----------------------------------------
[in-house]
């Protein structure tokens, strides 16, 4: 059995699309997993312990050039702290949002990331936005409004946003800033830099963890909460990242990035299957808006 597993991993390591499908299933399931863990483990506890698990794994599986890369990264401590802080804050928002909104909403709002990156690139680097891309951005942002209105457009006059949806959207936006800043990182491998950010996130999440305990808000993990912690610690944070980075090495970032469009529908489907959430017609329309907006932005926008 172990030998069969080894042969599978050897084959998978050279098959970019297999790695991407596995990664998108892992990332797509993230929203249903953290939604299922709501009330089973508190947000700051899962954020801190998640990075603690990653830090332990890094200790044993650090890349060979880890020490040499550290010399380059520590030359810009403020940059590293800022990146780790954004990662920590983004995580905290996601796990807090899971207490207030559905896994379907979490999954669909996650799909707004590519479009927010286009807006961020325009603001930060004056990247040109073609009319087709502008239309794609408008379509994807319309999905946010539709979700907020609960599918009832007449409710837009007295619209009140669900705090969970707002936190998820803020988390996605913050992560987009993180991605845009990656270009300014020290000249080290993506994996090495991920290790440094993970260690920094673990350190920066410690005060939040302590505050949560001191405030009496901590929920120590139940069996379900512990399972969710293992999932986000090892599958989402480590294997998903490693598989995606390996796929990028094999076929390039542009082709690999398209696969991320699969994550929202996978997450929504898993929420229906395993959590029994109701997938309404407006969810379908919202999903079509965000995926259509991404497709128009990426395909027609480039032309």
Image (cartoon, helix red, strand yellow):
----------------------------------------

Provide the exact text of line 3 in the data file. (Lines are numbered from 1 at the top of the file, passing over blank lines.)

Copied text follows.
Image (cartoon, helix red, strand yellow):